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Is loneliness the AKP’s or Turkey’s fate? by Dr. Selim Savas Genc (Fatih University), Today’s Zaman

This Article “Is Loneliness the AKP’s Or Turkey’s Fate?” by Dr. Selim Savas Genc (Fatih University), published in Today’s Zaman, February 26, 2015 can be found at the following link:

http://www.todayszaman.com/op-ed_is-loneliness-the-akps-or-turkeys-fate_373693.html

It is a well written article and pretty much sums up the atmosphere in Turkey.

*Due to certain media restrictions and other freedom of expression issues in Turkey I wish to add: the thoughts and opinions expressed in this Article are solely those of the author: Dr. Selim Savas Gench and Today’s Zaman. My re-blogging/sharing of this Article from Today’s Zaman here does not necessarily constitute an endorsement of the views or opinions contained in the Article. You should make up your own mind about the thoughts and opinions expressed in this Article.

**The Article and images are copyright by Today’s Zaman. I do not own the copyright and its sharing/posting here is permissible fair use.

Men support women’s rights in Turkey… by wearing miniskirts

Updated 1507 GMT (2307 HKT) February 23, 2015

This is a very recent article (Feb. 23, 2015) written by Monica Sarkar. The original can be found here: http://edition.cnn.com/2015/02/22/europe/turkey-men-miniskirts/

Turkish men wearing skirts demonstrate in Istanbul to support women's rights in memory of 20-year-old murdered woman Ozgecan Aslan on February 21, 2015.

Orhun Hakan Yalincak

Turkey’s coming police state Turkey’s new security bill curbs freedom of expression and legalises suppression of dissent.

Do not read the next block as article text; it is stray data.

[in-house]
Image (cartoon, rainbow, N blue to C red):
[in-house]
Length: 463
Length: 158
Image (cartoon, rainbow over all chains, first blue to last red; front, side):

Turkey’s coming police state: Turkey’s new security bill curbs freedom of expression and legalises suppression of dissent.

This is an Article by David Lepeska, a freelance writer based in Istanbul, Turkey and appeared on Aljazeera. The link to the Article can be found here and is worth a read:

http://www.aljazeera.com/indepth/opinion/2015/02/turkey-coming-police-state-150225121446232.html

*Thoughts and opinions expressed are solely those of the author (David Lepeska). I do not own the copyright. The original can be accessed at the link above.

**My re-blogging/sharing of this Article does not necessarily constitute an endorsement of the views or opinions of Mr. Lepeska or Aljazeera.

Concerns Over the Arrest, Detention and Trials Against Lawyers in Turkey

Original By European Lawyers Promoting Law & Justice (Les Avocats Europeens Pour Le Droit & La Justice) on behalf of Council of Bars & Law Societies of Europe

Found Here:

http://www.ccbe.eu/fileadmin/user_upload/NTCdocument/HR_Letter_Turkey__Pr1_1423564098.pdf

*Due to certain media restrictions and other freedom of expression issues in Turkey I wish to add: the thoughts and opinions expressed in the letter are solely those of the author (European Lawyers Promoting Law & Justice). My re-blogging/sharing of this Article/Letter does not necessarily constitute an endorsement of the views or opinions contained in the Article/Letter.

The Debate about having a debate about a business and human rights treaty

Castan Centre for Human Rights Law

By Joanna Kyriakakis